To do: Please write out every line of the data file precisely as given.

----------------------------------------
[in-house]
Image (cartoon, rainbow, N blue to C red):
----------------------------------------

[in-house]
Image (cartoon, rainbow, N blue to C red):